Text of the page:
significant excess capacity at OEM facilities, such OEMs may insource
        some production which had previously been outsourced. Outsourcing of
        complete vehicle assembly is particularly dependent on the degree of
        unutilized capacity at the OEMs' own assembly facilities, in addition
        to the foregoing factors. A reduction in outsourcing by OEMs, or the
        loss of any material production or assembly programs coupled with the
        failure to secure alternative programs with sufficient volumes and
        margins, could have a material adverse effect on our profitability.

    -   Many of our customers have sought, and will likely continue to seek
        to take advantage of lower operating costs in China, Thailand, India,
        Russia, Brazil and other low cost countries. While we continue to
        expand our manufacturing footprint with a view to taking advantage of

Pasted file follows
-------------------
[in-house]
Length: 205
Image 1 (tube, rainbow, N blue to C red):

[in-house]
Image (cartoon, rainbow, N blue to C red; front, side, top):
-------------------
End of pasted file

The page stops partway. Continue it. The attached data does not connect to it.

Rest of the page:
manufacturing opportunities in low cost countries, we cannot
        guarantee that we will be able to fully realize such opportunities.
        Additionally, the establishment of manufacturing operations in
        emerging market countries carries its own risks, including those
        relating to political and economic instability; trade, customs and
        tax risks; currency exchange rates; currency controls; insufficient
        infrastructure; and other risks associated with conducting business
        internationally. The inability to quickly adjust our manufacturing
        footprint to take advantage of manufacturing opportunities in low
        cost countries could harm our ability to compete with other suppliers